And by the way, autism assessments may take place over a few sessions, and this may include a remote interaction with the examiner after an initial in-person evaluation.

You’ll also want to take note of autism agencies or organizations in your area – ahead of time.

You don’t want to be wondering, “What do I do next?” only after you get your ASD diagnosis – though your examiner may include on the report contacts for various resources.

#3     The Past May Come Back to Bite You

A person seeking an autism assessment may not be able to conceive of anything beyond getting the diagnosis other than, “I hope I get the diagnosis because it’s the only thing that will make everything make sense!”

But you WILL, most certainly, then begin realizing some negative experiences out of your past that, had you been diagnosed way sooner in life, would not have happened — or at least, as poorly as they had.

Know ahead of your assessment that you will possibly be flooded with questions you’ll want to ask family members, mainly:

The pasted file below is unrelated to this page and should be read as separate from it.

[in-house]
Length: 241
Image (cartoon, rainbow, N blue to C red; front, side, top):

“You knew all along I was probably on the Spectrum but didn’t have the balls to suggest it to me!”

“You knew all along that I had various struggles but didn’t have the spine to point out I was possibly autistic and that a diagnosis could’ve gotten me some support or been an opportunity to join a community of people I actually had something in common with!”

You may want to lash out at these people. So give yourself time to process the possibility that an autism diagnosis could bring out these emotions – so that when you actually get the diagnosis – your mental place won’t be so … burning livid.